Text and photo by Gili Karev
Young people walked arm in arm down the noisy streets of Rothschild Blvd. Couples lounged on dilapidated couches dragged from abandoned apartments, leafing through articles boasting vibrant, presumptuous headlines or nodding their heads to the music drifting through the crowd. Guitarists sat cross-legged, playing their favorite Bob Dylan or Jefferson Airplane cover songs. An enormous Israeli flag hung impressively across from Habima Square, three giant tears dripping emblematically from the Star of David and into the subconscious of every passer-by. This commune, this unity, this open theater for opinions, artist, musicians – this revolution, if you will, is directly reminiscent of the 1960s hippie movement. The substantial difference? Continuity.
This past summer Israel saw the biggest and most influential protest in her short and vital history, yet today – a mere few weeks after the last tents have been folded up and squashed back into storage – the heat has simmered to the point of near disregard. Rothschild Blvd. is clean as a whistle as Tel Aviv City Hall frantically sends cleaners, sweepers and servicemen to replant, reconstruct and recreate its culture hub into what it was before Israel’s young people began protesting for a pure democracy and a more feasible social policy. Banners have been stamped over with posters of upcoming concerts and fashion fairs. The streets have returned to their daily traffic of too many cars and swift bicyclists weaving skillfully around casual wanderers.
Have we forgotten the essence of this summer’s social upheaval? Or did this protest become more of an extended social gathering than a true declaration and desire for change? I say both. My roommate likes to argue with me that politics and society are not mutually exclusive, and while I secretly agree with him I like to claim that, for the sake of a good argument, society functions according to basic human instinct. Aristotle theorized that politics is an organism comprised of men who, by nature, are political creatures. The word ‘organism’ here is a heavy one, alluding to a deeply woven craving to be connected, united, as one. To be a part of something, anything, is what each of us strives for our entire lives. But in a demonstration of nearly half a million people, how many are there adamant for change and how many just swing by to talk gossip and show off their new iPhone application? Does it matter, really, in the grand scheme of things?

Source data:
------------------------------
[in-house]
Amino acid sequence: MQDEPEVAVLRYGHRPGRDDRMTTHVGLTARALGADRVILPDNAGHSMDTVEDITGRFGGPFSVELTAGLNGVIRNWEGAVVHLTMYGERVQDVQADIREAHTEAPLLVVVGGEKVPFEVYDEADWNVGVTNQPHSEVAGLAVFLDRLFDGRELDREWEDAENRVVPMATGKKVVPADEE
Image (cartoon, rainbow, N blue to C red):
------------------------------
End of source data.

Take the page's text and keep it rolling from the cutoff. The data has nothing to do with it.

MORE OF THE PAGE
What matters is what we are assembling for. Part of the Israeli charm is diversity of opinion and the animated way in which those opinions are expressed. In a situation where the streets are turned into a stage for social unrest and frustration, it’s not surprising that the public grabbed the opportunity to negate just about anything that didn’t fit into their philosophy of life. The idea for a fundamental change for social justice is pure and respectable; protestors for animal rights and divorced women's organizations are not less so, but are inconveniently irrelevant and detract from the central theme. Israel needs to unite under one common goal – not one common outrage for everything wrong in this world. If we do want to make a difference there must be a certain order of things. If you are bothered by global warming, save it for the next revolution.
It’s no secret that Israel has been demonized and ostracized by the world, even more so in recent years. Was this protest then a subconscious effort to relegitimatize from the inside what others are delegitimizing out there in the world? Some will claim that the two are separate entities: Israel must change her policies and change them fast, before her own people start losing hope in the country they call 'home'. Others claim that there can be no distinction, as internal change is the imperative foundation for a stronger international system. The fact is that the people spoke. Be it about changing Israel’s social policies or their own current scandals, their voices rang into a mighty cacophony of gusto. Ideas have been planted and there is strength in the numbers that, for whatever reason, decided to put on their best outfit and parade in the streets. What’s important is maintaining the momentum created by whatever force – social or political – that got this thing up and running.
The problem now is continuing to harvest this seed of change that has been planted for future generations. Letting it sit in a soil so susceptible to weeds will be devastating and counterproductive. Israel’s public is waiting for the next opportunity to wave protest banners or, simultaneously, promote their new musical initiative. Even if right now it is nothing more than an unconscious change, we are subtly cultivating a new era of passion and involvement throughout Israel.
We, the young people, the protestors and dreamers and thinkers of our future and our children’s futures, are the power behind this movement. I’m not implying that everyone needs to feel passionate about politics or to be completely informed of the political goings-on in the country. Even if your excuse is just to catch the eye of the cute guy with the megaphone, do it. Be a part. And let the gripping, chilling notes of Hatikva fill your heart as it did the other 350,000 people standing silently and, listening to hope, cheer loudly.